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Why a sales job isn't a bad idea for engineers [Nation (Kenya)]
[February 27, 2014]

Why a sales job isn't a bad idea for engineers [Nation (Kenya)]

(Nation (Kenya) Via Acquire Media NewsEdge) An employer recently asked my firm to find them a software engineer or programmer, who had broken into sales.

The employer stressed that the ideal candidate would have to be an experienced software engineer or programmer with the ability to pitch an IT solution to a client and at the same time support the sales team to close the deal.

This was not an isolated case.

Through my interactions with employers seeking to fill job positions in their organisations, I have realised that more of them are looking for employees who have at least an extra skill that can complement their major areas of expertise. A popular combination is technical competency with sales knowledge.

I have recently also dealt with a growing number of HR managers in manufacturing firms, who say they are getting frustrated looking for graduate engineers who can do business development.

The perception of sales as a stand-alone career is waning among employers.

FORE-RUNNERS To gain a competitive edge in their industries, organisations are becoming more interested in graduates who possess technical skills and can also market their products or services to customers.

So there are workers called sales engineers. They sell complex technological products or services to businesses.

People holding such jobs must have extensive knowledge of the products' parts and functions, and must understand the scientific processes that make these products work.

Thus, a sales engineer is a salesperson who understands and can apply engineering concepts to the sale, and an engineer who knows how to sell technical products that are a result of engineering processes.

Other common job titles for sales engineers include pre-sales consultant, technical account manager, and applications engineer, among others.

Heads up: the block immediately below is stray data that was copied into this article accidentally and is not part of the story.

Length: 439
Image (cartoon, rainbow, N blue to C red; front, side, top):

For a firm whose core business is to make and supply industrial products to other manufacturing companies, they not only require production engineers, manufacturing engineers or materials engineers, but also technical sales personnel to perform detailed presentations of the product.

The technical sales person stands a better chance of convincing customers to buy the products. This is because the person can make a technical sales presentation that helps a customer to make an informed buying decision.

Many financial institutions would probably not have bought the idea of an ATM if technical sales engineers or a pre-sales consultants had not taken them through the detailed presentation and responded to all the technical queries they had with the system, including data security issues. A purely marketing and sales professional would have struggled selling the idea.

It takes a computer engineer or IT graduate with the ability to develop the same system to market software to a buyer and to ensure that the buyer is able to use the product to meet the required need.

Graduate engineers who have broken into sales are the fore-runners who pitch business ideas by explaining the technical details to potential buyers. They are able to articulate the value of the product as well as handle any technical queries on the spot.

Degree or diploma holders of engineering or computer science courses, who have good communication and presentational skills, are encouraged to explore a career in technical sales.

As a trained engineer, one could opt to work for a few years as an engineer to gain the necessary technical exposure to effectively sell the products or services.

RISING DEMAND A new graduate desiring to pursue a career as a sales engineer would need to complement the engineering qualifications with some sales and marketing courses. This should also signal institutions of higher learning to incorporate technical sales modules in their curricula for all the technical courses.

Demand for sales engineers will continue to increase as fast as the technological advancements. Additionally, the competitive pressures for increased product market share will drive companies towards more frequent improvement and updates in their product designs, consequently pushing the need to optimise manufacturing and sales processes.

When a company with technical products is seeking to get into a new market, it would make sense to hire a sales engineer as among the first batch of employees.

Besides making technical presentations to targeted customers, resulting in increased product uptake, the sales engineer may also work in other departments of their company, including production.

The same sales engineers may spend time advising customers on how to make the best use of the products or services. This enables a company to optimise on human capital.

In a rapidly changing technological era, graduate engineers who can multitask and demonstrate the ability to add value through other skills will always have an edge when organisations are recruiting.

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